The day we brought Luke home from the hospital was the day that our sweet little James turned into a monster.
Yes, a little dramatic, I know, but it’s true. James has always been more “spirited” than most of the other little boys I’ve known, stretching us as parents in every possible way. Nothing is ever easy with James, and I’m okay with that. It’s worth it. He’s an amazing kid and my husband and I recognize that one day his passionate personality will be put to good use. But for now, it’s giving us gray hairs.
So it’s no surprise that the day we brought his little brother home, he went full-toddler on us. When the baby cried, James would scream — every single time. It was most definitely nerve racking. James’ favorite phrase those first couple months was “put Luke in the swing mommy.” There was zero affection towards his tiny little brother, and in fact, he quite often tried to inflict harm — clonking baby Luke on the head, stepping on him during tummy time, pushing him in the jolly jumper or bouncing him in the infant seat too roughly till Luke would cry. I tried my best to encourage gentle interactions, but it all fell on stubborn, deaf, little 2-year-old ears. I tended to just tuck Luke safely away into my Ergo, out of harm’s way.
I honestly can only remember one sweet moment between the two of them during those early months, when James made Luke laugh for the first time. For a blessed two minutes or so, James sweetly made silly noises and faces at Luke in order to elicit that contagious joyful little baby giggle. It was glorious.
Then Luke became mobile. He would crawl his way towards James’ toys and that’s when the real trouble began. They’ve been fighting over toys ever since and probably will be for a long, long time. It went from Luke innocently reaching for his brother’s favorite train and getting screamed at or shoved, to Luke sneaking up behind James, snatching the toy and running like the dickens as his infuriated brother chases him down. After I’ve pulled James off of him, I get this pitiful look from Luke as if to say, “what? It wasn’t me!”
I’ve actively read all the articles on sharing, written down the advice from other moms and secretly look forward to the day when, instead of always having to protect Luke from his big brother, I can pull them apart and dole out equal time-outs.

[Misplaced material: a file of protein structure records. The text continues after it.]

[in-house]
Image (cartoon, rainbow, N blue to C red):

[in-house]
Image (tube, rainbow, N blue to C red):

Don’t get me wrong, there have definitely been a few sweet moments of actual brotherly love — a spontaneous hug, a sharing of food, a tickle, playing together for longer than 5 seconds without fighting — but sometimes I think it’s all just a trap. They are tying to trip me up, throw me off my game, distract me long enough to sneak in a pinch or a shove. I’m on to them.
Crazy, I know, but as a mother of boys, I’ve accepted these thoughts. I’ve even started to embrace the reality that perhaps my boys just aren’t going to be the “lovey dovey, walk hand-in-hand, help each-other up every time” kind of brothers, at least not right now. And that’s okay.
If there’s anything I’ve learned in these short couple of years as a mom, it’s that fear-based parenting gets you nowhere. When I get trapped in those crippling thoughts of — “What if Luke ends up hating his brother? What if James becomes a bully? What if I make an unrepairable mistake as their mother and they both grow up to hate me?” — I take a step back and look at these thoughts for what they are, irrational fears. Then I pull on my big girl pants and jump back in the ring. Somebody’s got to keep these kids from killing each other.
Mandy Watts is a stay-at-home mom who lives in Crownsville with her husband, Justin, who runs their family business, and their two sons, 2-year-old James and almost 1-year-old Luke.